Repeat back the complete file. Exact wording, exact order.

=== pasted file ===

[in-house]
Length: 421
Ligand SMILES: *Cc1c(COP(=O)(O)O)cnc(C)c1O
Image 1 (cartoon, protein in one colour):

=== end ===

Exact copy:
[in-house]
Length: 421
Ligand SMILES: *Cc1c(COP(=O)(O)O)cnc(C)c1O
Image 1 (cartoon, protein in one colour):